3 Energy Companies Innovating With Natural Gas

With the glut of natural gas in the U.S., domestic companies are exploring different avenues of putting the cleaner-burning fuel to good use. Some, like Cheniere Energy (NYSEMKT: LNG  ) , whose Sabine Pass terminal was the first LNG export venture to receive federal approval, are looking to export the stuff.

Others are using it right here in the U.S. to power trucks and other vehicles. Waste Management (NYSE: WM  ) , for instance, has amassed a sizable fleet consisting of 2,000 trucks powered by compressed natural gas, or CNG. It even recently opened a new CNG fueling station in Bristol, Pa., to help fuel its growing fleet, as well as to provide fueling options for the public.  

Along with LNG exporters and companies with large trucking fleets, other companies are also finding innovative ways of tapping the plentiful supply of U.S. natural gas. Let's take a closer look at three of them.

Halliburton
First up is oilfield services company Halliburton (NYSE: HAL  ) , which recently revealed how it's using natural gas to fuel some of its vehicles. In a YouTube video, the company announced the addition of nearly 100 new light-duty trucks that can run on compressed natural gas.

The trucks, which can burn either CNG or gasoline, will be used for regular business operations, such as transporting personnel and equipment, in various locations where the company operates, including California, Colorado, Louisiana, Oklahoma, Pennsylvania, Texas, and Utah.

According to a statement by the company, the deployment of these trucks is part of a pilot program the company is implementing to help it decide how to expand its natural gas usage. The company's rationale behind using CNG has to do with cost savings and greenhouse gas emission reductions. Indeed, Halliburton reckons the new trucks will slash emissions by 90% when they burn CNG and save roughly $5,100 in annual fuel costs.

The company is also cozying up to the idea of using natural gas to fuel hydraulic fracking operations, an approach that exploration and production companies including Apache (NYSE: APA  ) and Cabot Oil & Gas (NYSE: COG  ) are already using.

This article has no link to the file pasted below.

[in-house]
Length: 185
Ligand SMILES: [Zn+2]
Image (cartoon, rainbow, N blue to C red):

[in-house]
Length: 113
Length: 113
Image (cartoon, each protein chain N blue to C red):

Apache
As with converting trucks and other vehicles to run on natural gas, the main incentives for these companies to use natural gas in fracking are reduced emissions and fuel-cost savings. Earlier this year, Apache became the first energy exploration and production firm to power a full hydraulic fracturing operation using natural gas-burning engines -- a feat it accomplished at its Granite Wash operations in Oklahoma. By making the switch, Apache expects to lower fuel costs by roughly 60%, while also lowering emissions.

Cabot Oil & Gas
And more recently, Cabot Oil & Gas announced that it's using natural gas sourced from the Marcellus to fracture wells in its operations, marking the first time "field" gas has been used in northeastern Pennsylvania for fracking. The innovative duel-fuel technology, which uses engines capable of running on either natural gas or diesel, could help the company reduce its use of diesel by as much as 70%. In addition, it is expected to lead to reduced air emissions, reduced truck traffic, and substantial cost savings, Cabot said in a statement.

The bottom line
Halliburton, Apache, and Cabot's efforts in using natural gas in various ways are a promising development for the entire energy industry, as it moves toward minimizing its environmental impact. Not only is natural gas an inexpensive way to power a fleet of vehicles, but it can also help energy exploration and production companies slash their fuel costs, while simultaneously lowering greenhouse gas emissions.

With natural gas demand expected to grow sharply over the next few years, Chesapeake Energy -- the nation's second-largest gas producer -- stands out as a major beneficiary. Though the company has allocated the majority of its capital this year toward drilling in liquids-rich plays, natural gas still makes up more than three-quarters of its production mix. Will the company be able to ramp up oil production and survive until natural gas prices finally recover? Or will it languish under the weight of its heavy debt load? To answer that question and to learn more about Chesapeake and its enormous potential, you're invited to check out The Motley Fool's brand-new premium report on the company. Simply click here now to access your copy, and, as a bonus, you'll receive a full year of key updates and expert guidance as news continues to develop.


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